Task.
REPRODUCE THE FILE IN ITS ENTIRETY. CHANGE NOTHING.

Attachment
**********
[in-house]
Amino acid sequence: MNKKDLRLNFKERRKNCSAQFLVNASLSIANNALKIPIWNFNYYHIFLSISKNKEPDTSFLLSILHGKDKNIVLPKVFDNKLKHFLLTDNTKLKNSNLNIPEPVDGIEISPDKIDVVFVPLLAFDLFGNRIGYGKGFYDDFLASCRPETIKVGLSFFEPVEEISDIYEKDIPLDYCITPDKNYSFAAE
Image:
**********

[in-house]
Amino acid sequence: MNKKDLRLNFKERRKNCSAQFLVNASLSIANNALKIPIWNFNYYHIFLSISKNKEPDTSFLLSILHGKDKNIVLPKVFDNKLKHFLLTDNTKLKNSNLNIPEPVDGIEISPDKIDVVFVPLLAFDLFGNRIGYGKGFYDDFLASCRPETIKVGLSFFEPVEEISDIYEKDIPLDYCITPDKNYSFAAE
Image: